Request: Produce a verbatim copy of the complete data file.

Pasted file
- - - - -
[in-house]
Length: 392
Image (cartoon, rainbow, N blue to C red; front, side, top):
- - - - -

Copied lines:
[in-house]
Length: 392
Image (cartoon, rainbow, N blue to C red; front, side, top):